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Treaty Fuels New Settler, Indian Feud

August 23, 1992|DAVID TREADWELL | TIMES STAFF WRITER

SALAMANCA, N.Y. — This small town in the scenic Allegheny Mountains was settled by whites in the early 1800s and is like no other place in the nation. It is the only U.S. municipality that lies almost entirely within the confines of a recognized Indian reserve: the Seneca Nation's 30,469-acre Allegany Reservation.

For most of the history of this community, whose present-day population is about 6,600, this unique arrangement presented few problems. Whites and Indians managed to coexist in peace and harmony, particularly after a federally negotiated agreement in 1890 resolved a series of often acrimonious disputes over land ownership.

That accord, known as the Seneca Nation Settlement Act, permitted the Senecas to retain ownership in perpetuity of the land on which the town is built, while Salamanca's residents and business owners were granted 99-year leases on favorable financial terms. In some cases, rents were set as low as $1 a year for the life of the lease.

"This will aid you to build up this beautiful village and make it a large city . . . and benefits us by enhancing the values of our lands about here," Harrison Halftown, a Seneca Nation leader, was reported to have said at a civic celebration in 1892 to mark the start of the 99-year lease agreement.

But two years ago, nearly a century of peace and goodwill between Salamanca's residents and the Seneca Nation was shattered as the agreement's expiration neared and as the Senecas imposed tough new terms on the townspeople.

Rents were sharply boosted, rising by an overall average of more than 1,200%. Leases were limited to 40 years, with an option to renew only for another 40. And, in perhaps the most contentious step of all, the Senecas claimed title not only to the land itself but to all the homes and buildings on Indian land in the community.

Under New York state law, they contended, any improvements on leased property belong to the landlord. And in Salamanca, they declared, they most decidedly are the landlord.

Now, outrage among the residents of this town about 60 miles south of Buffalo has grown so strong that one irate resident jacked up his house from its foundation and moved it a mile off the reservation. Fifty other townspeople have obtained city permits to demolish their homes with dynamite rather than let the Senecas gain title to them.

And angry voters last fall ousted the old City Council, which had approved the new lease agreement, and swept into office an entire slate of members, each a sworn enemy of the hated land pact.

"It's the most unfair, unjust and unconstitutional thing I've ever seen," said the new council president, Phyllis Paquet, a Salamanca businesswoman whose family roots go back to the town's earliest days. "You lose all your assets, all the equity in your home. I'll take my house to the ground too before I let that happen."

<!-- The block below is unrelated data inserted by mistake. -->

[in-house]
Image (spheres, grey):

In one of its first acts after taking office last January, the five-member council attempted--unsuccessfully, as it turned out--to stop payment of the $751,313 check representing the town's annual lease payment.

That payment is made each February under a 1950 federal law requiring the town's approximately 3,300 homeowners and businesses to pay their annual rentals to the city, which in turn delivers a lump sum check to the Senecas. Before the new lease agreement went into effect, the annual payment amounted to only about $57,000.

(For the owner of a two-story, three-bedroom home on an acre of land, the annual rent is about $600, a fee that is in addition to local and state property taxes.)

In April, in a move whose legality still remains in question, the council took the offensive again. The five members voted unanimously to declare the new lease agreement null and void on the grounds that it had been improperly negotiated. The mayor vetoed the move, but was promptly overridden by another unanimous vote.

The Senecas justify their tough stance as a means of rectifying almost a century of exploitation by whites. They say it is part of a growing national trend among American Indians to redress historical inequities and to expand and strengthen tribal sovereignty.

"We're on a par with modern times now," said Calvin John, the Seneca Nation president. "In 1890, we didn't have any legal assistance and, as witnesses testified in a congressional investigation in 1920 or '30, the Indians were plied with liquor to coerce them into signing. The old agreement was unfair to both sides, really."

Although he has made statements at other times to the contrary, John also maintained that any Salamanca resident or business owner who has signed a lease with the Senecas has nothing to worry about in regard to the title to their home or business.

"I made it clear in a letter in April that, as long as they have a signed lease, it's their property," he said. "We won't interfere. It'll be just like it was under the old agreement. But if they don't have a signed lease, well, that's another question."

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